See below for update
Last Sunday I took these pictures of cormorants on a rock at the junction between Krestof Sound, Nakwasina Passage, and Olga and Neva Straits. At the time I didn’t notice anything particularly unusual, just thought I would grab photos to take a closer look later. Upon reviewing the pictures at home, I noticed one cormorant that looked different than the others. I am not certain what species it is.
It stood out initially because of the color on the lower base of the bill – at first I thought perhaps it just had something near the top of its throat that was stretching things out, but as I considered it more, I became less convinced by that explanation. It could be the angle, but the bird seems to be a bit more robust in head and neck than the surrounding Pelagic Cormorants. The bill also seems distinctly more yellow to me.
Double-crested Cormorants are not uncommon around here, but I would expect them to have a bill that was clearly thicker and more yellow than this one. Red-faced Cormorant (of which there are only a couple reports from Sitka – their range is west of year) should have red on its face, which this one doesn’t have. The other species to consider is Brandt’s Cormorant. They can be fairly abundant at times in southern Southeast (in the Ketchikan area, for example) – but their status in the Sitka area is a bit murky. Brandt’s Cormorants as shown in the field guide have a pale bit just at the top of the throat which doesn’t seem particularly in evidence on this bird. However, other photos I found on-line don’t always have that pale patch showing clearly, so that’s not necessarily a deal breaker.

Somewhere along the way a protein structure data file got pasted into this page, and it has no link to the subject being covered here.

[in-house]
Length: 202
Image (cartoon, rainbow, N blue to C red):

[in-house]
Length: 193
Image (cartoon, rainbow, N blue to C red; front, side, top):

At this point I’m uncertain whether this individual is just an odd looking Pelagic Cormorant or something else. I would welcome any comments one way or the other.
Update: For some reason I forgot that Pelagic Cormorants develop more than just a white patch during breeding season. I guess I haven’t actually seen that many in full breeding (they tend to hang out more in less protected waters during the summer) – but I do have a photo of one that is included below. In any case, it was pointed out to me by S. Heinl that this odd cormorant is probably just getting color in its face – it’s just an early developer compared to its peers, apparently.